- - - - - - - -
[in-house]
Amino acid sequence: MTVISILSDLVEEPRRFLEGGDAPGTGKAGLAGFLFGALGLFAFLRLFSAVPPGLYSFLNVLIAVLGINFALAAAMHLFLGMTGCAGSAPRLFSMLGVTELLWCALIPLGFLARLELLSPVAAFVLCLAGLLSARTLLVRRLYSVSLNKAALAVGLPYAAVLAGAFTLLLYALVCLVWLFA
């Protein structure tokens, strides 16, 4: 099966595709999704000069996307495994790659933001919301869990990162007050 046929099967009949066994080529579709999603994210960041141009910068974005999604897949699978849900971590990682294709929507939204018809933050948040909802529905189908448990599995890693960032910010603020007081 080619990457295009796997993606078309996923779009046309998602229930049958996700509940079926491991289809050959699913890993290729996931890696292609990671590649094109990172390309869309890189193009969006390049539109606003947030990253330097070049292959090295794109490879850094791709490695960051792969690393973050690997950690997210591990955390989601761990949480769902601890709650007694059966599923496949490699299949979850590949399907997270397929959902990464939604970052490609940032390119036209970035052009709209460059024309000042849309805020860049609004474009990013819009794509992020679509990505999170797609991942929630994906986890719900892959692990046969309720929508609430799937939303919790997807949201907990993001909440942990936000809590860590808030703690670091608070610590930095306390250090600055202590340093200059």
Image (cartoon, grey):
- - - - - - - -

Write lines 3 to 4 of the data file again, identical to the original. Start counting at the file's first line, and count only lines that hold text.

């Protein structure tokens, strides 16, 4: 099966595709999704000069996307495994790659933001919301869990990162007050 046929099967009949066994080529579709999603994210960041141009910068974005999604897949699978849900971590990682294709929507939204018809933050948040909802529905189908448990599995890693960032910010603020007081 080619990457295009796997993606078309996923779009046309998602229930049958996700509940079926491991289809050959699913890993290729996931890696292609990671590649094109990172390309869309890189193009969006390049539109606003947030990253330097070049292959090295794109490879850094791709490695960051792969690393973050690997950690997210591990955390989601761990949480769902601890709650007694059966599923496949490699299949979850590949399907997270397929959902990464939604970052490609940032390119036209970035052009709209460059024309000042849309805020860049609004474009990013819009794509992020679509990505999170797609991942929630994906986890719900892959692990046969309720929508609430799937939303919790997807949201907990993001909440942990936000809590860590808030703690670091608070610590930095306390250090600055202590340093200059």
Image (cartoon, grey):